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Annie Silva LIS 688 12/3/2011 Before the Class While contemplating class options for this semester, I wanted to take classes that would be interesting, challenging, and a little out of my comfort zone,that would also be really valuable to me as a professional. When I saw a marketing class I was excited, because I knew how important it was to libraries, a little nervous, and really confused about what social marketing actually was. I remember talking to others in the program and all of our minds jumped to social media marketing, which, I know now can play a role in social marketing but isn’t the foundation of it. I honestly thought we’d be doing something along the lines of making Facebook and twitter pages, looking at good and bad examples, or maybe doing case studies or research. Looking back on it, I’m glad I was wrong. While those are all valuable skills, I think what I gained from the class is a less superficial understanding of marketing for library programs and services. I think the moment my perceptions of what the class would be about was when I read “Social marketing per se focuses on changing social behaviors. We can make a stretch argument here that we are doing that- libraries want people to use their services and programming so we are changing non-behaviors” Which Dr. Hersberger posted in the week one discussion board.

My Background I was a marketing major for my first semester in college, and took an intro to business class. I switched to English shortly after. I have worked retail once, and can think of a lot of really bad jobs I’d rather do than to do that again. I wasn’t good at encouraging people to spend money, adding on to purchases, or making people feel good about themselves superficially in the short term (and maybe regretting it later) in order to help a company, that didn’t seem to care about people, financially. It was also frustrating to work in a store with stuff I couldn’t afford, and the theory of working as hard as possible for minimum pay and recognition wasn’t my thing. This class made me nervous, because when I hear “marketing” my mind goes to “money”. I had to retrain myself not to make that leap. In week one I came to the conclusion “At least from what I know so far, that if there is proper planning and marketing involved, libraries and librarian won't have to sell later”, and it’s still resonates and is still something I need to be mindful of in the future.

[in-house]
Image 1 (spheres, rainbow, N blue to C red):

Major Points I think the biggest and most useful thing I learned, on a large scale, about library marketing is that if it’s done right, it’s a process, not, “I want to have this event or this program, so I’ll pick a date and time, reserve some space, and make some fliers”. I found this graphic on Kathy Dempsey’s site, Libraries Are Essential. The graphic was originally published in her book The Accidental Library Marketer.

While I gained a lot from Kendra Kline Weinrich’s book Hands-On Social Marketing, it doesn’t contain many graphics or quick reference sort of items. As a visual learner, this really helped me understand the bigger picture and see what the next steps were. It was also easy to refer to quickly if I ever lost perspective of the larger goal. I also think that it follows the same basic steps as in the text used for class, but just offers a more visual format, so it was a good supplemental resource. It also reminded me that this stuff is researched and best practices are established. I also like that it shows marketing as a cyclical process, and that if you’re truly successful, the process doesn’t end. Needs and wants change, as do perceptions, attitudes and behaviors.

I think I’m naturally a dreamer and a thinker, and while working on the project I got hung up on the speculation about what people wanted and how to do it and all the wonderful things we could do to help people. To a certain extent this was beneficial and cathartic,

as I’d rather have a ton of thoughts and have to reign it back in, than be pulling at straws to get going. After getting it out of my system I think it made it easier for me to focus and helped to make the next steps clearer, however, I think at a certain point it started to stunt progress and action. If I had to do it again I would start with a basic survey to gage market views, opinions, needs and wants more immediately and use that to leverage ideas and conceptualization. Real life Applications While going through the class and various assignments, I started seeing good and bad examples of social marketing and marketing in general everywhere. While it may not be social marketing in the strictest sense, I couldn’t help but think of a lot of the things we were talking about during the drama that would become all-online option classes in the department. Posted 6th October by Nancy Dowd The 'M' Word - Marketing Libraries Marketing tips and trends for libraries and non-profits Kathy Dempsey

Marketing Reflection